Riding green horses is a lot like riding a really bumpy roller coaster. One day you are on top of the world and the next you can feel like you are in some kind of horror movie. Annie is definitely one that can throw you from a super high to a super low in a matter of minutes.
Jumping this funny creature literally makes me feel like I can do anything. Flatting said creature makes me want to simultaneously cry and die at times. After our last HT in October we started making breakthroughs. Annie started to become more consistent in transitions and she started to accept a more reliable contact (aka I started to ask for it with my leg on). That said I haven’t been able to schedule a lesson for literally months and haven’t really seen myself ride either. Video is your friend people. I am amazed by the things that I do and am not realizing until I see them in videos or pictures. Until I can get more regular lessons and my SoloShot arrives I plan to prop up my phone whenever I can.
That said when I look back to where I was just a year ago I cannot believe how far Annie has come. She is now the horse I don’t hesitate to let a 9yo get on, hop on after weeks of minimal riding, and I know that at the drop of the hat I can throw her on the trailer for a fun adventure. It is easy to get caught in the ruts when things aren’t progressing as you would like with a green horse but it is so important to be able to look back on your progress and recognize the small wins! Anyone else feel this way? It is an adventure but I wouldn’t trade the past year with Annie for anything!
I have now had my Do or Do Knot Rope Halters for a few months and I have to say that I love them. When Houston was a young twerp he lived in a rope halter as I felt that it gave me a bit more leverage without being as harsh as a chain. I hated having to tie it though and always went back to a normal halter. I started looking around last fall for a more convenient rope halter and found this brand among all of the other crazy priced options.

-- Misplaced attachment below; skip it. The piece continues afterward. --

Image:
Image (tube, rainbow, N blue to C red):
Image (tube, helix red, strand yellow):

Price: $16 to $40 (basic no hardware all the way to a wrapped noseband, side pull rings, a crown snap, and a breakaway tab)
Review: When I saw the Do or Do Knot had rope halters with snaps AND breakaway tabs I knew I wanted one. Houston still sometimes needs a little extra reminder that he is not a big goofy dog on the end of a leash. I also was really intrigued by the option to be able to use the halter as a side pull. Lindsey, the creator, offers great customer service and worked with me to get the right sizing for each of my horses. Bonus is that the crown of these halters is somewhat adjustable so I can make my black halter work for Luna as well as Annie.
Another thing that I think is awesome is that you can choose from a variety of colors and size options to get the halter that works best for you. Additionally these halters are made with a really high quality rope that is smooth and comfortable for your horse.
Bottom Line: If you like rope halters but prefer the convenience and safety of a traditional halter you should check out Do or Do Knot. My halters have been very abused and hose off great. Not fancy but for a rope halter I think they are a great option!
Do you guys have halter types and brands you really prefer?
My barn owners always joke that they made me sign two liability waivers… I am not crazy really… But I do make my horses deal with a lot. Well adjusted citizens people – that’s what our horses should be!
Sometimes that is getting on my then 4yo TB bareback or getting on Houston bareback with halter. Other times might be when I attempted to plank on Annie – honestly not sure why that was even a thing I wanted to try.
Last fall I really wanted to teach my horses to go with a neck rope. I jimmy rigged my own by attaching the hook end of a rein to its own buckle and off we went. With tack and a bridle – I don’t have an immediate death wish! With Houston going to AL and show season wrapping up for Annie and then the holidays the idea went onto the back burner.
Then a few weeks ago Amanda shared a picture of Henny wearing his neck rope from Reins for Rescues and the idea sprang back to my mind. I finally made the purchase when Kristen sent me a coupon code she saw on instagram.
It will be slow going and who knows if I will ever be ballsy enough to actually lose the bridle but I am looking forward to getting my Navy R4R neck rope! Have any of you guys trained your horses to do bridleless? If so how long did that take for you to be comfortable?